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Neal Genealogy and Neal Family History Information

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About the Neal surname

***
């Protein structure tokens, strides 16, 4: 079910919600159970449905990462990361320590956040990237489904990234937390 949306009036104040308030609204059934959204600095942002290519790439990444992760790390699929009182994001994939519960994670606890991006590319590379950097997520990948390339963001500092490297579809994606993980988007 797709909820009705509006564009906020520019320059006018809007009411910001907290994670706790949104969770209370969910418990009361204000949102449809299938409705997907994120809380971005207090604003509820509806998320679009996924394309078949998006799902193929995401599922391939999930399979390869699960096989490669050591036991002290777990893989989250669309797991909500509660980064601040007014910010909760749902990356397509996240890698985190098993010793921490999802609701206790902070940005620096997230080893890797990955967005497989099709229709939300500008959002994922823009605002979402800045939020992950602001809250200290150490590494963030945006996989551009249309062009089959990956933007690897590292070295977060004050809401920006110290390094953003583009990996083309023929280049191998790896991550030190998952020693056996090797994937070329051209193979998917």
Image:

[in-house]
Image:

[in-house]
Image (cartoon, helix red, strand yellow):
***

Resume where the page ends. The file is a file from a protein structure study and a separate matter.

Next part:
- believed to have originated from Englaand but moved to Ireland to avoid persecution (and later were part of the great Irish immigration to America). They are believed to be part of the Nial of the Nine Hostages. -Celtic meaning is Champion or Victory of the people. -an interesting story of the Neal Crest goes as follows: The king was on board ship and promised a large estate to the person who could touch the shore first. One of the men was a Neal and the race was on. The other people racing for the shore were going to get there before the Neal, so he cut his hand off and threw it to shore, before the others touched the land. The King gave the Estate to the Neal and the "Red hand of Ireland" was put on the Neal Coat of Arms. Another version states: Legend tells that in an ancient expedition, of some adventures to Ireland, their leader declared that whoever first touched the shore should process the territory which he reached, and that O'Neal , from whom descended the prince of Ulster,bent upon obtaining the reward, and seeing another boat likely to land, cut off his left hand and threw it on the coast. (yet another version states right hand) The Red hand was adopted by James l as the badge on instituting the order of Baronet -Neal may be sometimes a contraction of Nigel -French origins from the Latin nigellus or nigel meaning black or swarthy - The name Neal is well known to mean 'the son of Neil'. The given name 'Neil' is of Irish origin and the famous Irish family Neill or O'Neill claim descent from the hero Niall of the nine hostages. In the days before surnames the given name was a Viking favourite and spread to England and Scandinavia - for instance 'Njal's Saga' is a semi-hhistorical Icelandic saga. When surnames were introduced to England in about 1300, the given name Neil was very common in the areas of Danish settlement. This spread of the given name means that the surname is common in places with Irish and Viking influence but does not necessarily imply Irish or Viking ancestry. As a general rule, the spelling 'Neal(e)' implies English descent, the spelling 'Neil' Scottish descent and the spelling 'Neill' Irish descent, but there are many exceptions because in the old days many people could not spell their own name. (Philip Neal)